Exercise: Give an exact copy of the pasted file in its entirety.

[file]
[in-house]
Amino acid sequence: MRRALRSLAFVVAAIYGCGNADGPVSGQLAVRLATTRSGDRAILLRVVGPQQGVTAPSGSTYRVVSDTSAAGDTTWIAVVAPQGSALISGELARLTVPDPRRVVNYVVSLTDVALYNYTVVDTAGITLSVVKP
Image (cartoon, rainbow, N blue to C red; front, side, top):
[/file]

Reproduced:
[in-house]
Amino acid sequence: MRRALRSLAFVVAAIYGCGNADGPVSGQLAVRLATTRSGDRAILLRVVGPQQGVTAPSGSTYRVVSDTSAAGDTTWIAVVAPQGSALISGELARLTVPDPRRVVNYVVSLTDVALYNYTVVDTAGITLSVVKP
Image (cartoon, rainbow, N blue to C red; front, side, top):